By law, those services must include “transition” planning that begins when the students turn 14½, providing nearly seven years of preparation for the next stage of their lives.

Yet when that assistance ends, many of those young adults and their parents are left with the same question.

Now what?

“It’s a very important topic right now because there have been some changes in the legislation,” says Sarah Johnston-Rodriguez, associate professor of Special Education. “One change goes back to 2004: the IDEA law on special education, which changed the language to really focus on transition and on meaningful outcomes in the three areas schools are accountable for: community living; careers and employment; and postsecondary education.”

Modifications to the Higher Education Act, meanwhile, require that access to postsecondary education is available to students with intellectual disabilities.

And, in 2017, Illinois become an “employment-first” state to promote “community-based, integrated employment as the first option for employment-related services for individuals with disabilities, physical, intellectual or behavioral.”

Sarah Johnston-Rodriguez

Sarah Johnston-Rodriguez

The NIU College of Education’s upcoming Community Learning Series – “Transitioning to the Adult World: Connecting the Dots for Young Adults with Autism” – will help parents, students, teachers, employers and future educators make sense of it all.

Scheduled for 6 p.m. Tuesday, April 10, the event takes place at the Barsema Alumni and Visitors Center, 231 N. Annie Glidden Road. A reception begins at 5:30 p.m.

Free and open to the public, the event will feature six forward-thinking panelists who will share their innovative and exemplary approaches, supports and successes that have empowered their students to achieve productive lives.

  • Khushbu Davi, program coordinator, Parents Alliance Employment Project
  • Kori Jung, teacher/case manager, District 214 Transition Program, Arlington Heights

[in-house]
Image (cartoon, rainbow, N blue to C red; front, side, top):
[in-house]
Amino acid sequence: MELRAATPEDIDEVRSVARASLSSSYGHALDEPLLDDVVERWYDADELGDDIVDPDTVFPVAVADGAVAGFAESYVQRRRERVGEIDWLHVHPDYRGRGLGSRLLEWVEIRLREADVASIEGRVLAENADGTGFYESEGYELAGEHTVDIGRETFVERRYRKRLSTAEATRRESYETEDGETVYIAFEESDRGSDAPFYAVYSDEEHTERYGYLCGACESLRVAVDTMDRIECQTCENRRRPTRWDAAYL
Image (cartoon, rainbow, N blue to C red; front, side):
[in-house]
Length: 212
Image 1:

• Christine Putlak, assistant director, A.E.R.O. Special Education Cooperative
  • Benji Rubin, attorney, Special Needs Legal and Future Planning, Rubin Law Offices
  • Toni Van Laarhoven, professor, NIU Department of Special and Early Education
  • Traci Van Laarhoven, vocational coordinator, Waubonsie Valley High School

“There are so many resources that teachers and parents need to plan ahead,” Toni Van Laarhoven says, “so we’re looking at what’s out there: What are some of the benefits available? What are some of the legal things people need to think about, such as guardianship? How do we prepare individuals if they choose to go the college route? These are things people really have to start thinking about.”

“We’re really focusing on services that are innovative and community-based,” adds Johnston-Rodriguez, who considers transition a matter of civil rights and social justice.

“Some states have done away with all of their ‘sheltered workshops,’ and the emphasis now for schools is to prepare these students for some kind of education, career or employment in the community.”

Toni Van Laarhoven

Toni Van Laarhoven

Van Laarhoven, a Presidential Teaching Professor at NIU, and her identical twin sister will talk about their Project MY VOICE – a person-centered planning tool that equips high school students with autism, and/or intellectual disabilities, to participate and have a voice in their own Individualized Education Programs via multimedia.

Johnston-Rodriguez, meanwhile, is also piloting a program that challenges students with disabilities to create their own PowerPoint presentations based on career exploration and creating a plan for where they want to go with their lives and how they plan to get there.

Lisle-based Parents Alliance Employment Project is partnering with Cadence Health in Project SEARCH, to offer internships at Central DuPage Hospital to young adults with developmental disabilities.

Many corporations “have gotten on board with employing people with special needs in meaningful kinds of jobs,” Johnston-Rodriguez says. “There’s also been a lot happening at the federal level with research and programs on customized employment. We’re seeing all of this come to fruition.”

Both professors say the evening will enlighten everyone, from those adolescents, parents, families, teachers, service providers and employers already engaged in transition to future teachers of individuals with special needs.

“Preparing for adulthood is extremely important, and has its challenges for people with autism as it does for any young adult, but it really does take a lot of planning, support and resources,” Johnston-Rodriguez says.

dots-2“As for any adolescent, these years are very formative. But for students with disabilities, they are even more so, because this is their last chance to get really intensive academic preparation and independent living skills and really focus on career and employment skills,” she adds. “In school, everyone gets a free education, but when you get into the adult world after 21, that all changes.”

Van Laarhoven especially wants teachers and future teachers to attend the Community Learning Series.

“Even though teachers of Special Education are aware of transition and what goes into it, that’s an area where they need much more support. There’s so much to think about, and there are so many moving parts,” she says. “I would like them to be able to think outside the box.”

For more information, call (815) 753-1619 or email seed@niu.edu.